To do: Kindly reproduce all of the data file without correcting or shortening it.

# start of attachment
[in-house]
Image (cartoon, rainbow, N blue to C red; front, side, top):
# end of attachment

[in-house]
Image (cartoon, rainbow, N blue to C red; front, side, top):